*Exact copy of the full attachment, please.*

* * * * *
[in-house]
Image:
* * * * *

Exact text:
[in-house]
Image: